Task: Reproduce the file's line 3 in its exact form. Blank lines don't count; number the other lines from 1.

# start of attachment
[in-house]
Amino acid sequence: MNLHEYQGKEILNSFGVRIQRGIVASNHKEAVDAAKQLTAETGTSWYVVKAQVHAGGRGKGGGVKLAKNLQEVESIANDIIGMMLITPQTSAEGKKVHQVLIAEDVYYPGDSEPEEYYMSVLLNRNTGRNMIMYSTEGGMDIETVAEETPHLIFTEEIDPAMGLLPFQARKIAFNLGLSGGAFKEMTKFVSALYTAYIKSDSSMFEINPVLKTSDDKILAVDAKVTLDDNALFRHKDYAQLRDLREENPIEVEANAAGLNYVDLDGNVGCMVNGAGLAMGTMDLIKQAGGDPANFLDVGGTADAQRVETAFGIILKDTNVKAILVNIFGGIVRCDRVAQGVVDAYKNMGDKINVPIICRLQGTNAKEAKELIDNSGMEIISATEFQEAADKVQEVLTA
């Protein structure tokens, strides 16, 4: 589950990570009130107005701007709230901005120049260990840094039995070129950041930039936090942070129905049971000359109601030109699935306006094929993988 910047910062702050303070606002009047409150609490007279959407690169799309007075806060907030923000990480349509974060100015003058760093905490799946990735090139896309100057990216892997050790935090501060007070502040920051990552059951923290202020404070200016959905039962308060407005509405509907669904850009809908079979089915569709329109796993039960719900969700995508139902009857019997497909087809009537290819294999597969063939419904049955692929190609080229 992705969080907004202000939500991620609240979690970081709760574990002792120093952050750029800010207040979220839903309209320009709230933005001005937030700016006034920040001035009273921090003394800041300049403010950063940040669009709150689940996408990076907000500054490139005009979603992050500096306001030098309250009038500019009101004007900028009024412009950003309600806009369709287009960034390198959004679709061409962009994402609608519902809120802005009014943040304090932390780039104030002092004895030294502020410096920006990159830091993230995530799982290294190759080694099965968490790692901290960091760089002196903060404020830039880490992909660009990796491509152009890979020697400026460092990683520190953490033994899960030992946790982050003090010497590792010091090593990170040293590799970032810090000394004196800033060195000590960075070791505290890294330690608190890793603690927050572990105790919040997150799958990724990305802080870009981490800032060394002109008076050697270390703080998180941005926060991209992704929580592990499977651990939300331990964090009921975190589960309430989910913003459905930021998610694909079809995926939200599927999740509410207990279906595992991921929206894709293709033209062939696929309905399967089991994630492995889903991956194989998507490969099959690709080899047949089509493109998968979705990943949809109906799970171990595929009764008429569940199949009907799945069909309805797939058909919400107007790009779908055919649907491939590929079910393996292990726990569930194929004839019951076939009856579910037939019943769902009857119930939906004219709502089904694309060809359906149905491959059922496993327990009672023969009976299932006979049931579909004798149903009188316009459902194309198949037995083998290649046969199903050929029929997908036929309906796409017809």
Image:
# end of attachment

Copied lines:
């Protein structure tokens, strides 16, 4: 589950990570009130107005701007709230901005120049260990840094039995070129950041930039936090942070129905049971000359109601030109699935306006094929993988 910047910062702050303070606002009047409150609490007279959407690169799309007075806060907030923000990480349509974060100015003058760093905490799946990735090139896309100057990216892997050790935090501060007070502040920051990552059951923290202020404070200016959905039962308060407005509405509907669904850009809908079979089915569709329109796993039960719900969700995508139902009857019997497909087809009537290819294999597969063939419904049955692929190609080229 992705969080907004202000939500991620609240979690970081709760574990002792120093952050750029800010207040979220839903309209320009709230933005001005937030700016006034920040001035009273921090003394800041300049403010950063940040669009709150689940996408990076907000500054490139005009979603992050500096306001030098309250009038500019009101004007900028009024412009950003309600806009369709287009960034390198959004679709061409962009994402609608519902809120802005009014943040304090932390780039104030002092004895030294502020410096920006990159830091993230995530799982290294190759080694099965968490790692901290960091760089002196903060404020830039880490992909660009990796491509152009890979020697400026460092990683520190953490033994899960030992946790982050003090010497590792010091090593990170040293590799970032810090000394004196800033060195000590960075070791505290890294330690608190890793603690927050572990105790919040997150799958990724990305802080870009981490800032060394002109008076050697270390703080998180941005926060991209992704929580592990499977651990939300331990964090009921975190589960309430989910913003459905930021998610694909079809995926939200599927999740509410207990279906595992991921929206894709293709033209062939696929309905399967089991994630492995889903991956194989998507490969099959690709080899047949089509493109998968979705990943949809109906799970171990595929009764008429569940199949009907799945069909309805797939058909919400107007790009779908055919649907491939590929079910393996292990726990569930194929004839019951076939009856579910037939019943769902009857119930939906004219709502089904694309060809359906149905491959059922496993327990009672023969009976299932006979049931579909004798149903009188316009459902194309198949037995083998290649046969199903050929029929997908036929309906796409017809």